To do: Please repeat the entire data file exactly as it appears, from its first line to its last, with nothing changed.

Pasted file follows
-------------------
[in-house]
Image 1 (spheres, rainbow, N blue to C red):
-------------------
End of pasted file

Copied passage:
[in-house]
Image 1 (spheres, rainbow, N blue to C red):